Not everyone wants what you’re selling this time. Don’t plead with hyperbole and clichés. Don’t blast your message like used car dealer commercials. Make your pitch succinct, professional, and honest; then rely on the item and your second level of information to do the rest.
Listen At Least As Much As You Talk
It can be easy in speed dating to focus on selling yourself to the other prospects. But if you should get a second, longer date out of one of these encounters, wouldn’t you want to know you stand a good chance to enjoy it as much as they do? Two equal pitches will serve you well. A conversation will serve you better. True conversation requires active listening, not just waiting for a pause to air your message.
So it is with advertising. You should be listening to the culture’s changing tendencies and sensibilities. You need direct feedback from your market of prospects and customers, too. Look at your competitors’ work, and evaluate what you should implement or surpass. Poll your bidders. Conduct online or email surveys. Develop a focus group for your big projects or new initiatives. Then design your campaigns according to the responses.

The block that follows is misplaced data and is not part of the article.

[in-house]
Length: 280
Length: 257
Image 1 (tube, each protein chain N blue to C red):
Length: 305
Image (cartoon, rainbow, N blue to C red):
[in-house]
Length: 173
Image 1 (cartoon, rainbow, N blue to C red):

Invite the Next Step
Speed dating can be entertaining just to experiment on a group of strangers. It can be constructive to learn about yourself and the process in a low-expectations process. But it proves successful only if it leads to dates outside of its environment. To do that, you’ve got to acquire at least someone’s contact information, if not their stated interest.
Likewise, your advertising only works when it moves the prospect to the next step. That could be watching for upcoming ads, requesting a brochure, viewing a detailed online page, visiting an open house, or calling for answered questions. Offer one or more “next steps,” but give the recipient only one email address, one web site, and/or one phone number to reach the person who can best assist that step.
If you’ve followed these steps with enough people to have executed them with the right people, your auction event will be a date bidders won’t want to miss.
† “Polarize Me.” Dan Heath & Chip Heath, Issue 114, March 2007: Fast Company. (Print and online)